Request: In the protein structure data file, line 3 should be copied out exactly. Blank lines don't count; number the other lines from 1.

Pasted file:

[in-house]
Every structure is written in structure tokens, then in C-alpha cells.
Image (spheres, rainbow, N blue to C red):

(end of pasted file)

Image (spheres, rainbow, N blue to C red):